Love collaborated with Marley Marl on her second album, In a Word or 2 (1993), which featured the Prince-produced single "Born To B.R.E.E.D." (which reached #1 on the Hot Dance Music chart and #7 on the Hot Rap Singles chart), as well as a re-release of "Full-Term Love". The same year, Prince asked her to write lyrics for a few songs on a side-project, Carmen Electra's eponymous album, Carmen Electra. Love's last release as lead artist was the single Slice of Da Pie in 2000. In 2013, she featured on the track "Sometimes" by Ras Kass, from his album Barmageddon.
From 2004 until the week of 11 December 2006, Love was the morning drive host on Philadelphia's WPHI-FM 100.3. The 22 December 2006 edition of the Philadelphia Daily News confirmed that Love left WPHI-FM on amicable terms after contract negotiations stalled. Love's departure from WPHI followed soon after her December 2006 interview with Young Jeezy, where the two argued over whether hip hop is dead. Love is also an official MySpace.com DJ, according to her Myspace page. Love currently resides in Miami, Florida, and is a single mother to four children. Currently, she has a radio show on XM Satellite Radio called 'Ladies First Radio with Monie Love'. It airs Thursdays 6PM ET and Sundays 8PM ET.
|1990||Down to Earth||109||26|
|1993||In a Word or 2||–||75|
|1988||"I Can Do This"||37||—||18||—||—||—||—||—||—||—||—||—||—||Down to Earth|
|1990||"Monie in the Middle"||46||—||—||—||—||—||—||—||—||—||—||28||7|
|"It's a Shame (My Sister)" (featuring True Image)||12||—||9||24||50||11||12||6||—||17||26||8||2|
|"Down 2 Earth"||31||—||29||—||—||33||—||15||—||—||—||75||—|
|1991||"Ring My Bell" (vs. Adeva)||20||—||15||44||—||25||—||8||35||13||—||—||—|
|"Work It Out"||—||—||—||—||—||—||—||—||—||—||—||—||—||Boyz n the Hood OST|
|1992||"Full Term Love"||34||—||58||—||—||—||—||—||—||—||96||47||—||In a Word or 2|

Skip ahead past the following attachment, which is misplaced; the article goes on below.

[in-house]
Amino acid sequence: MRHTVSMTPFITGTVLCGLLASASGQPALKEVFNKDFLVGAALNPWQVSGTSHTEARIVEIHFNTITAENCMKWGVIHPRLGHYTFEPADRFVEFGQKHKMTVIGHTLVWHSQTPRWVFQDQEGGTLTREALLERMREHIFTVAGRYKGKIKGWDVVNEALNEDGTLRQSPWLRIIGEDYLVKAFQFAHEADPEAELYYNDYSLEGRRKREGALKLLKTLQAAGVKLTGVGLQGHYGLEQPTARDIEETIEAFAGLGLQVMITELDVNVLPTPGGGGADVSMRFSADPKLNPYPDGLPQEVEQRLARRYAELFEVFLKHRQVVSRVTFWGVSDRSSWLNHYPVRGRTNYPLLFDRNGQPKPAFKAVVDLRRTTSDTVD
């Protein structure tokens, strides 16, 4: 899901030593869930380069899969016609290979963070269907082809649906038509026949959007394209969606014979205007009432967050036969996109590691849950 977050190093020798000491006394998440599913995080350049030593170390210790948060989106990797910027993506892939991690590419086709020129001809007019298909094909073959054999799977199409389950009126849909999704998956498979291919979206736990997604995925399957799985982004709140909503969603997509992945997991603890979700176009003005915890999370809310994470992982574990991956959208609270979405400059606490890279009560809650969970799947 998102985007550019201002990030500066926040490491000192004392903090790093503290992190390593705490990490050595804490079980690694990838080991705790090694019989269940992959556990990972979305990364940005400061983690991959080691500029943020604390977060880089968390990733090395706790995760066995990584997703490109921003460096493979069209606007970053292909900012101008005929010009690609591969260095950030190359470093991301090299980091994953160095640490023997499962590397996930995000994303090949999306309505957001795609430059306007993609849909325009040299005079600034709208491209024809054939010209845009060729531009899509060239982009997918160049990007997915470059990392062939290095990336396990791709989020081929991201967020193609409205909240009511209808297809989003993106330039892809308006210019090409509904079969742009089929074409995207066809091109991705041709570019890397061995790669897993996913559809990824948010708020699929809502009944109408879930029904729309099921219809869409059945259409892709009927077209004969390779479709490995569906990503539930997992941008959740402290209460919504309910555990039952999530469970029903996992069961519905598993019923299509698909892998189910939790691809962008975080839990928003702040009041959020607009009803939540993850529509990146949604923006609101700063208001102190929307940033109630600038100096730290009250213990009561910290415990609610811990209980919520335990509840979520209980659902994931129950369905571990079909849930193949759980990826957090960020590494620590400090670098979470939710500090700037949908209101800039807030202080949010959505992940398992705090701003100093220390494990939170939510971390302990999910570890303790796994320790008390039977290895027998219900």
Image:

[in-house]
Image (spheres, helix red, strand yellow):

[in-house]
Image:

|1993||"Born 2 B.R.E.E.D."||18||—||—||—||—||—||—||35||—||21||89||56||1|
|"In a Word or 2"||33||—||—||—||—||—||—||—||—||—||—||—||—|
|"Never Give Up"||41||—||—||—||—||—||—||—||—||—||—||—||—|
|2000||"Slice of da Pie"||29||—||—||—||—||—||—||—||—||—||—||—||—||single only|
|"—" denotes releases that did not chart or were not released.|
- "Ladies First" (Queen Latifah featuring Monie Love)
- Henderson, Alex. "Allmusic Down To Earth Review". AllMusic.com. Retrieved 2006-11-18.
- Henderson, Alex. "Allmusic In A Word Or 2 Review". AllMusic.com. Retrieved 2006-11-18.
- Conrad, Laurie T. (2006-12-22). "Tattle: No mo' Monie". Philadelphia Daily News (philly.com). Archived from the original on 24 October 2007. Retrieved 2006-12-25.
- Bolden, Janee (2006-12-22). "Monie Love Gets None, Officially Off The Air In Philly". SOHH.com. Retrieved 2007-05-29.
- "Official Charts Company: Monie Love". Official Charts Company. Retrieved 2014-04-03.
- "Monie Love - German Chart". charts.de. Retrieved 2014-04-03.
- "Monie Love - US Hot 100 Chart". billboard.com. Retrieved 2014-04-03.
- "Monie Love - US Hot R&B/Hip-Hop Songs Chart". billboard.com. Retrieved 2014-04-03.
- "Monie Love - US Dance Club Songs Chart". billboard.com. Retrieved 2014-04-03.
- AllMusic.com Biography - Monie Love
- Monie Love's myspace.com page
- Monie Love Discography on Discogs
- A site focusing on the early days of Hip Hop development in the UK